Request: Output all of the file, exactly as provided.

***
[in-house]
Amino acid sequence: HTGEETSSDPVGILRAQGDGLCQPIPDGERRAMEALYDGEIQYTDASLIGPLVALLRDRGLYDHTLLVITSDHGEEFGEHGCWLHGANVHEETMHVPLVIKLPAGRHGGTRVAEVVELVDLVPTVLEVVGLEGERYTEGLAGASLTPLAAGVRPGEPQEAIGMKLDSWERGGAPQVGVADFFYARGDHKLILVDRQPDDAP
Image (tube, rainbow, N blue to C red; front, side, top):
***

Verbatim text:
[in-house]
Amino acid sequence: HTGEETSSDPVGILRAQGDGLCQPIPDGERRAMEALYDGEIQYTDASLIGPLVALLRDRGLYDHTLLVITSDHGEEFGEHGCWLHGANVHEETMHVPLVIKLPAGRHGGTRVAEVVELVDLVPTVLEVVGLEGERYTEGLAGASLTPLAAGVRPGEPQEAIGMKLDSWERGGAPQVGVADFFYARGDHKLILVDRQPDDAP
Image (tube, rainbow, N blue to C red; front, side, top):